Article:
October 5th has become a day of renewal and reflection for me. It’s almost a different version of New Year’s Day. Every year at this time I take pause to pay homage to Steve Jobs. Our world would not be what it is today without Jobs’s influence and even though he was pegged as a difficult person to work for, there is no doubt that he was a true leader.

He is indeed missed by those who best knew him. Apple CEO, Tim Cook, always celebrates his friend’s life with a Tweet on this day, which I always take comfort in. In this year’s tweet (shown below), Cook quotes Jobs as he reflected on time. Time is precious. There is no doubt about that. And it is time that keeps us moving forward. Last weekend I celebrated my 39th birthday. It was also my grandmother’s 93rd birthday. Too often we squander what has been given to us in regards to time and miss the point of the gift that is in front of us. In essense, we lack focus.

For the past six months, my place of employment (a nonprofit) has been going through a transitional period. We are in the process of redefining what our mission is and how we want to serve people through it. Our CEO  is having us all follow The 4 Disciplines of Execution: Achieving your Wildly Important Goals by Chris McChesney. The book focuses on being able to make strategic organizational change with the emphasis placed on focusing on ‘wildly important goals.’ The author describes why execution fails within an organization and how we get “caught up in the whirlwind of urgent daily work that we’re distracted from our most vital goals.” This discipline of focus is not a new concept and it certainly isn’t new to the thousands of Steve Jobs fans who study his practices. In the process of reading some articles on Jobs in preparation of writing this year’s tribute, I came across a study that Walter Isaacson wrote for The Harvard Business Review in 2012. In it he said the following about Jobs’s discipline of focus and how he felt about it in relation to running a company.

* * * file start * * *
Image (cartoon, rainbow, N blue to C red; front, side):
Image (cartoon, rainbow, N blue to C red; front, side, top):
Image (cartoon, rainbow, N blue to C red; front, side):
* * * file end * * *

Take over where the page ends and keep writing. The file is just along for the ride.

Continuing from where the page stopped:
“Focus was ingrained in Jobs’s personality and had been honed by his Zen training. He relentlessly filtered out what he considered distractions. Colleagues and family members would at times be exasperated as they tried to get him to deal with issues—a legal problem, a medical diagnosis—they considered important. But he would give a cold stare and refuse to shift his laserlike focus until he was ready.

Near the end of his life, Jobs was visited at home by Larry Page, who was about to resume control of Google, the company he had cofounded. Even though their companies were feuding, Jobs was willing to give some advice. “The main thing I stressed was focus,” he recalled. Figure out what Google wants to be when it grows up, he told Page. “It’s now all over the map. What are the five products you want to focus on? Get rid of the rest, because they’re dragging you down. They’re turning you into Microsoft. They’re causing you to turn out products that are adequate but not great.” Page followed the advice. In January 2012 he told employees to focus on just a few priorities, such as Android and Google+, and to make them “beautiful,” the way Jobs would have done.”

Isaacson, Walter. “The Real Leadership Lessons of Steve Jobs.” Harvard Business Review, 29 Oct. 2014, https://hbr.org/2012/04/the-real-leadership-lessons-of-steve-jobs.

I was blown away by this description as it aligns perfectly with The 4 Disciplines of Execution concepts. So it would seem that this Jobs inspired people with his methods of leadership long before this wildly popular guide for organizational change was published. It’s just one of the many ways that Jobs influenced the world we have today. And one of the many ways we can regain that focus in our lives — both personal and professional — so that we don’t miss the point of our lives.

The article I read by Isaacson was titled, “The Real Leadership Lessons of Steve Jobs.” I encourage anyone who wants to be inspired to do ‘one more thing’ or be one of ‘the crazy ones’ to read it. Jobs’s lessons will live on much longer than the company he built. I believe this is his true legacy. 

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